Embryonic stem cells
Embryonic stem cells (ESCs) are referred as pluripotent cells derived from inner cell mass of a blastocyst. With non-senescing self-renewal and differentiation capability into three germ layers, ESCs might offer a way to meet the challenge of biomimetic complex skin constructs. To initiate epidermal differentiation of ESCs, several protocols have been developed.[32–34] Besides, the transcriptional similarity of ESC-derived keratinocyte lineage and primary foreskin keratinocytes has been proved by microarray analysis, suggesting these cell types respond to specific microenvironment in a similar manner. When grown in specific media and substrate conditions, ectodermal and mesenchymal cells derived from ESCs are capable of generating 3D epithelial tissue. In a preclinical study, ESC-derived keratinocytes formed a pluristratified epidermis when seeded on an artificial matrix and finally regenerated a fully functional mature skin-like structure after in vivo implantation. These studies provide a theoretical basis for the use of ESCs as seed cells for TES. However, embryonic stem cell research is handicapped by moral and ethical restraints, and the source of ESCs is thus problematic.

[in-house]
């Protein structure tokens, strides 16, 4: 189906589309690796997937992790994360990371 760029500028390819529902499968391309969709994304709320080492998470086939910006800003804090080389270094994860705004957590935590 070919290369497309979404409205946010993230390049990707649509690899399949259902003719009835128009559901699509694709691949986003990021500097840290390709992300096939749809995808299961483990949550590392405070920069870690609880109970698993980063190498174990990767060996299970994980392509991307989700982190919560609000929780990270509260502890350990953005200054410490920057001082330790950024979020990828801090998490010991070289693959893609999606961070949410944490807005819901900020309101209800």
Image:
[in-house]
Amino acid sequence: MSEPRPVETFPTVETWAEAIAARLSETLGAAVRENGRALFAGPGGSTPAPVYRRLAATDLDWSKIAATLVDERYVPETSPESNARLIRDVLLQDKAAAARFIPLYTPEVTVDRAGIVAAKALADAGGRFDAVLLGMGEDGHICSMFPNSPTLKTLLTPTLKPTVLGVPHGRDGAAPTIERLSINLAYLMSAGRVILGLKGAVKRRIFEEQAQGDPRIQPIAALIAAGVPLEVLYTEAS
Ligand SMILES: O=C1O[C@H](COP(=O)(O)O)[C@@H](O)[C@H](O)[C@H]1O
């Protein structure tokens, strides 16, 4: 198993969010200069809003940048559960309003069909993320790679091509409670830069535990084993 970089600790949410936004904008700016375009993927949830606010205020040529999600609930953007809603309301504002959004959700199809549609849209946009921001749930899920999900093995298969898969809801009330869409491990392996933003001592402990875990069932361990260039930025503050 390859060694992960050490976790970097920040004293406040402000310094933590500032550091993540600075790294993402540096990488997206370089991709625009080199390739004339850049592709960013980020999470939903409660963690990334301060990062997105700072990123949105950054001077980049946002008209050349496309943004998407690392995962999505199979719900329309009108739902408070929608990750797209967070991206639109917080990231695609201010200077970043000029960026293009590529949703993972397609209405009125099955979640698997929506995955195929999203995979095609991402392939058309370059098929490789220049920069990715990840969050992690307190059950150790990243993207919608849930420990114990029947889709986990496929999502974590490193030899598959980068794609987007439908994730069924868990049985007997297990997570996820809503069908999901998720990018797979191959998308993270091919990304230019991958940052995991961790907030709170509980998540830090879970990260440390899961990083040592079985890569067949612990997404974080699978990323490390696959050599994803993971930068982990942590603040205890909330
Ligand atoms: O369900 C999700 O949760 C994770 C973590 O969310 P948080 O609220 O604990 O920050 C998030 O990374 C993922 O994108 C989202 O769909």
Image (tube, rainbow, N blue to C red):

Inducible pluripotent stem cells
In 2006, inducible pluripotent stem cells (iPSCs) were first discovered by Yamanaka and colleagues, who received The Nobel Prize in Physiology or Medicine in 2012 (jointly with John B. Gurdon) for the finding that mouse fibroblasts could acquire properties similar to those of ESCs after “reprogramming.”[39,40] Since this milestone, iPSCs have become a promising new source of stem cells for skin tissue engineering without any moral and ethical controversies. Recent publications show that procedures differentiating mouse iPSCs into epidermal keratinocytes are similar to keratinocyte differentiation of ESCs.[32,41–43] By using the iPSCs-derived keratinocyte lineage cells, Bilousova et al., have successfully regenerated epidermis, hair follicles, and sebaceous glands in the skin of athymic nude mouse. Though the exciting development has been achieved, utility of iPSCs for medical applications is still pending because of the possibility that the transgene technology may cause carcinogenesis and tumor formation. As novel technologies relating to iPSCs are rapidly being developed, the therapeutic applicability of iPSCs in skin tissue engineering and regenerative medicine will eventually be a reality.